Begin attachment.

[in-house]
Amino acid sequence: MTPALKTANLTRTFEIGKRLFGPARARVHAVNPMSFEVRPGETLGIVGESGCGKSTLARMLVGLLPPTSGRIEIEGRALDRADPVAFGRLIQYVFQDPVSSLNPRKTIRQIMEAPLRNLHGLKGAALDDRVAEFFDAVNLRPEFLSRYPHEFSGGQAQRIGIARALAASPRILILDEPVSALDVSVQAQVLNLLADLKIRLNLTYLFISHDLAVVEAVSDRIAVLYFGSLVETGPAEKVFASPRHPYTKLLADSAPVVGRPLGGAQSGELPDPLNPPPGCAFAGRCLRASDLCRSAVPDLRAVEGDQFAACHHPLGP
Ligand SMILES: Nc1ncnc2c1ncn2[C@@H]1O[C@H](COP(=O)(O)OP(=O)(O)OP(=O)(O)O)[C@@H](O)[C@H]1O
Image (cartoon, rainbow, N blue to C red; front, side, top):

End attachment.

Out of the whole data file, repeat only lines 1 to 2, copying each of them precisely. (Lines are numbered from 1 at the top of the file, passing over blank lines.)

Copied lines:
[in-house]
Amino acid sequence: MTPALKTANLTRTFEIGKRLFGPARARVHAVNPMSFEVRPGETLGIVGESGCGKSTLARMLVGLLPPTSGRIEIEGRALDRADPVAFGRLIQYVFQDPVSSLNPRKTIRQIMEAPLRNLHGLKGAALDDRVAEFFDAVNLRPEFLSRYPHEFSGGQAQRIGIARALAASPRILILDEPVSALDVSVQAQVLNLLADLKIRLNLTYLFISHDLAVVEAVSDRIAVLYFGSLVETGPAEKVFASPRHPYTKLLADSAPVVGRPLGGAQSGELPDPLNPPPGCAFAGRCLRASDLCRSAVPDLRAVEGDQFAACHHPLGP